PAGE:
/ Weekly Takeaways

Do you need a Social-Media-sitter? Is Apple's new smartwatch changing healthcare? And how your phone knows if you're upset

Ibis Hotels now offer Social Media Sitters to make your stay more relaxing

The high end European hotel chain has added an interesting new amenity to their guests. The service of managing your Social Media for you while you stay with them so you can relax and not worry about your personal brand. Someone will manage all your feeds, post content and otherwise allow you to be "you" and not worry about capturing every shareable moment. See the full story here: https://thenextweb.com/socialmedia/2018/12/04/swiss-hotel-chain-introduces-the-social-media-sitter-to-handle-your-instagram-while-you-relax/

Key Takeaway

We've achieved peak Social Media if we've gotten to a point where our digital presence requires its own butler. Our online brand has become so important to our own well-being that it's become part of what we need to take vacation from, rather than the fun and engaging way we were supposed to be able to stay in touch with family and friends.

This poses huge implications in the way that brands need to communicate with people, or more importantly, think about the critical role that Social Media plays in their lives.

Now more than ever - it's not about asking audiences to share your content - it's about asking them for permission to be part of their personal identity.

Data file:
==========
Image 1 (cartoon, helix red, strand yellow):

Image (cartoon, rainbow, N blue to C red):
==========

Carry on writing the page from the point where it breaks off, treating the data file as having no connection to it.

The new Apple Watch Series 4 detects critical heart conditions

There's a raft of PR stories from major tech news sources this week about the new Apple Watch's ECG feature. People who are at risk of Atrial Fibrillation have a very real reason to purchase the watch as electrocardiograms can detect heart issues at a level previously only attainable with special equipment.

The ECG feature works the same way as the current heart monitor in existing watches, but goes far deeper and offers other health and safety features that make the new watch a likely candidate as "The" holiday gift for an elderly loved one that's too young to wear a medic-alert bracelet, but old enough to worry about their heart, or falling down.

Key Takeaway

This isn't just a watch. This is another piece of the IoT (Internet of Things) ecosystem that provides your personal data to a system that can cater to you with highly customized solutions. In the healthcare space this is called Stratification. Getting the right care to the right people.

With products like the Apple Watch - highly detailed data is the difference between connecting with a demographic that might need your product, and individuals that absolutely need and want your product.

Your phone knows if your sad, happy or lying based on your voice

The controversy over devices that listen to what we say, and then sell us things based on our discussions with others isn't going away, and this article makes it worse: https://theconversation.com/are-phones-listening-to-us-what-they-can-learn-from-the-sound-of-your-voice-105753

The article dives into the level of depth that phones specifically can recognize your voice, not just as your personal voice, but the fluctuations in your voice that determine if you're sad, happy, or even lying.

Key Takeaway

Similar to the Apple Watch, despite the fact that these devices are snooping on us - if done right - these devices can be part of our lives in a way that deliver highly targeted value. The question is ultimately whether we use this data for good, or for lazy evil.

Do you need a Social-Media-sitter? Is Apple's new smartwatch changing healthcare? And how your phone knows if you're upset
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